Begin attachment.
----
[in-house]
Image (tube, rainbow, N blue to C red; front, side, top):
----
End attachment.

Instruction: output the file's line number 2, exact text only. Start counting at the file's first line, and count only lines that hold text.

Image (tube, rainbow, N blue to C red; front, side, top):